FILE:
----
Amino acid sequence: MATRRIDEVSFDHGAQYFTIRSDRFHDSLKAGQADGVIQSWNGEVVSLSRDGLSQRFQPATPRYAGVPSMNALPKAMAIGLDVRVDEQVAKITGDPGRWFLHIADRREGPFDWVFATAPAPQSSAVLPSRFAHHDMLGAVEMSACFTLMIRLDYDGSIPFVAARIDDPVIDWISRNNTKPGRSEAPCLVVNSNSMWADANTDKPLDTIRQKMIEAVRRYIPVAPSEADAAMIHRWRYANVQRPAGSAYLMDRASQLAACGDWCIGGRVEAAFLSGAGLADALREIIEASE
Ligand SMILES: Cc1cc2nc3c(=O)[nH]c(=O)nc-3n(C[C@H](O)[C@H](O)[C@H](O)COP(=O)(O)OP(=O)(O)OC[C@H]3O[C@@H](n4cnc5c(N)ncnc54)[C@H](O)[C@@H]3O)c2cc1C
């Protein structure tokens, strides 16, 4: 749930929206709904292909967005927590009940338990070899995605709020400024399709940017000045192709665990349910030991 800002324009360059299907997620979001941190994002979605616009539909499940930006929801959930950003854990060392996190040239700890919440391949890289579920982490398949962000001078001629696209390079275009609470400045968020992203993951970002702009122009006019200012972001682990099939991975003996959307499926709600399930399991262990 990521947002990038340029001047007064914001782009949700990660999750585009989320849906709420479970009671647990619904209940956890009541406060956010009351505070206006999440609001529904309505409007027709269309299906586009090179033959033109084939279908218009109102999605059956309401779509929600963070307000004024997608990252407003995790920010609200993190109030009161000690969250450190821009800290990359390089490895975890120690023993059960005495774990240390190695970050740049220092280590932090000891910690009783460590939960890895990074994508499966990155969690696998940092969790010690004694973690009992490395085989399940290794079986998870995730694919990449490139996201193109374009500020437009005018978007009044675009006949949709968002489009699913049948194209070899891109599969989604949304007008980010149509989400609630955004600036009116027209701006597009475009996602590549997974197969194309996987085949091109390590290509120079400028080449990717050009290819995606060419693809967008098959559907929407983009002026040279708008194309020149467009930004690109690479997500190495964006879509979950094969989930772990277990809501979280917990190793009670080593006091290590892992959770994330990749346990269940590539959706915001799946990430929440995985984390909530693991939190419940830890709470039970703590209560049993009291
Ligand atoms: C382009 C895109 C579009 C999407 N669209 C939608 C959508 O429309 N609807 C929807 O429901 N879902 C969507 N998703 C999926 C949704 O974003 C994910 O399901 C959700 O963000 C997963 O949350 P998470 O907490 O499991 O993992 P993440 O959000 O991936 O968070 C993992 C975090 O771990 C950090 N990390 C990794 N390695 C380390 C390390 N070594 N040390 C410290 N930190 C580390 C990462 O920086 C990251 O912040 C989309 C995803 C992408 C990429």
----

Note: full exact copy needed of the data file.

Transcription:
Amino acid sequence: MATRRIDEVSFDHGAQYFTIRSDRFHDSLKAGQADGVIQSWNGEVVSLSRDGLSQRFQPATPRYAGVPSMNALPKAMAIGLDVRVDEQVAKITGDPGRWFLHIADRREGPFDWVFATAPAPQSSAVLPSRFAHHDMLGAVEMSACFTLMIRLDYDGSIPFVAARIDDPVIDWISRNNTKPGRSEAPCLVVNSNSMWADANTDKPLDTIRQKMIEAVRRYIPVAPSEADAAMIHRWRYANVQRPAGSAYLMDRASQLAACGDWCIGGRVEAAFLSGAGLADALREIIEASE
Ligand SMILES: Cc1cc2nc3c(=O)[nH]c(=O)nc-3n(C[C@H](O)[C@H](O)[C@H](O)COP(=O)(O)OP(=O)(O)OC[C@H]3O[C@@H](n4cnc5c(N)ncnc54)[C@H](O)[C@@H]3O)c2cc1C
């Protein structure tokens, strides 16, 4: 749930929206709904292909967005927590009940338990070899995605709020400024399709940017000045192709665990349910030991 800002324009360059299907997620979001941190994002979605616009539909499940930006929801959930950003854990060392996190040239700890919440391949890289579920982490398949962000001078001629696209390079275009609470400045968020992203993951970002702009122009006019200012972001682990099939991975003996959307499926709600399930399991262990 990521947002990038340029001047007064914001782009949700990660999750585009989320849906709420479970009671647990619904209940956890009541406060956010009351505070206006999440609001529904309505409007027709269309299906586009090179033959033109084939279908218009109102999605059956309401779509929600963070307000004024997608990252407003995790920010609200993190109030009161000690969250450190821009800290990359390089490895975890120690023993059960005495774990240390190695970050740049220092280590932090000891910690009783460590939960890895990074994508499966990155969690696998940092969790010690004694973690009992490395085989399940290794079986998870995730694919990449490139996201193109374009500020437009005018978007009044675009006949949709968002489009699913049948194209070899891109599969989604949304007008980010149509989400609630955004600036009116027209701006597009475009996602590549997974197969194309996987085949091109390590290509120079400028080449990717050009290819995606060419693809967008098959559907929407983009002026040279708008194309020149467009930004690109690479997500190495964006879509979950094969989930772990277990809501979280917990190793009670080593006091290590892992959770994330990749346990269940590539959706915001799946990430929440995985984390909530693991939190419940830890709470039970703590209560049993009291
Ligand atoms: C382009 C895109 C579009 C999407 N669209 C939608 C959508 O429309 N609807 C929807 O429901 N879902 C969507 N998703 C999926 C949704 O974003 C994910 O399901 C959700 O963000 C997963 O949350 P998470 O907490 O499991 O993992 P993440 O959000 O991936 O968070 C993992 C975090 O771990 C950090 N990390 C990794 N390695 C380390 C390390 N070594 N040390 C410290 N930190 C580390 C990462 O920086 C990251 O912040 C989309 C995803 C992408 C990429």